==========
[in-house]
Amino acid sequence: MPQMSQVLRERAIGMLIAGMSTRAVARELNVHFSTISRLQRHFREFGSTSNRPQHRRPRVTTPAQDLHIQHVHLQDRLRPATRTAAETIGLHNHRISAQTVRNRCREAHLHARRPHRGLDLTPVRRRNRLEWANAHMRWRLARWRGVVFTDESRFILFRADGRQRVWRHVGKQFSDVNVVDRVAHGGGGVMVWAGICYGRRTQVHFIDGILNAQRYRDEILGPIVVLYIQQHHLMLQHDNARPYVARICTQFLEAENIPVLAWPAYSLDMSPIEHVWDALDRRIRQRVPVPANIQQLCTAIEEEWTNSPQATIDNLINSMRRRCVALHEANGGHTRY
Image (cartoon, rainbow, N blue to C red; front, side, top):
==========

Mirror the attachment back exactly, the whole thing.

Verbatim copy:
[in-house]
Amino acid sequence: MPQMSQVLRERAIGMLIAGMSTRAVARELNVHFSTISRLQRHFREFGSTSNRPQHRRPRVTTPAQDLHIQHVHLQDRLRPATRTAAETIGLHNHRISAQTVRNRCREAHLHARRPHRGLDLTPVRRRNRLEWANAHMRWRLARWRGVVFTDESRFILFRADGRQRVWRHVGKQFSDVNVVDRVAHGGGGVMVWAGICYGRRTQVHFIDGILNAQRYRDEILGPIVVLYIQQHHLMLQHDNARPYVARICTQFLEAENIPVLAWPAYSLDMSPIEHVWDALDRRIRQRVPVPANIQQLCTAIEEEWTNSPQATIDNLINSMRRRCVALHEANGGHTRY
Image (cartoon, rainbow, N blue to C red; front, side, top):